No, they’re not graves…I got a start on my raised beds today. Each is about four feet wide and about eight feet long right now–which means I’ve only done a third of the full plot! The soil has been dug down and turned with a garden fork a full two feet below the natural ground surface, down through all the topsoil to the level of the clay substrate. Then, I’ve piled more soil about to mounds about 10″ – 12″ above ground level. The soil is so soft you can bury the garden fork and then twist it all with one hand!

I added a few bags of compost, but I think that’s merely a formality: the only visual difference between the compost and the soil was that the compost was a little more wet! There is so much life in the soil here: I saw several 6″ earthworms, centipedes, etc. I often wonder why settlers in the early days of America would stop in Illinois, which is so flat and boring and unpicturesque. That is, I wonder until I turn over a spadeful of black earth that is the envy of many Texans and Floridians.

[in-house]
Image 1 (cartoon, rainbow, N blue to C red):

I’m not sure if the tree cover around our yard and the neighbors’ will block too much sunlight, but I am sure that if things don’t grow in these beds, it won’t be the soil’s fault.

P.S. The French intensive method is a lot of work. I’m wiped.

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Garden Update

Wow, it’s been two full weeks since I’ve added an entry. Let’s update the status of the garden.

The seedlings are growing well. I’ve selected the strongest onion and lettuce plants and cut the others back. I think they’re going to be really ready for transplanting with just a little more warmth in the weather.